The reasonable value for center of gravity compared to the center of lift is a 2 part process in horizontal stabilizer design. Set static stability aside for now. For most efficient flight you want the main wing only generating lift. Ideally, the horizontal stabilizer should be at 0 AOA, holding the wing in place at optimal Lift/Drag AOA. Center of gravity is directly under Center of Lift.
Job 1 complete.
Now we want to introduce static stability, also known as speed stability. This is extremely important when you are "low and slow" to avoid stalling. It is a terrific safety feature even with computer assisted control. So you move your TRIM tab to give a little bit of tail downforce and move your CG slightly forward as needed for adequate static stability. Job 2 done.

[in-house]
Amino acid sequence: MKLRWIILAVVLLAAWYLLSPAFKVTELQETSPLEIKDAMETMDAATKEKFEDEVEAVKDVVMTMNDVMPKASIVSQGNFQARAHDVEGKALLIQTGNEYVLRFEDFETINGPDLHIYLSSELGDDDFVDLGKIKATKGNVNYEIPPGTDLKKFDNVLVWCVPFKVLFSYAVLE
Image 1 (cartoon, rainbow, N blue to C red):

The 3rd function of the horizontal stabilizer is to pitch the nose down if the plane sinks, in order to avoid ever increasing AOA and unrecoverable "deep stall". Here, within reasonable limits, the more area, the better. Wedge or delta shaped designs are popular with birds.
So there is a difference between a horizontal stabilizer and a trim tab. Champions of tiny
Hstabs should be aware of this (although a longer fuselage does also increase pitching torque).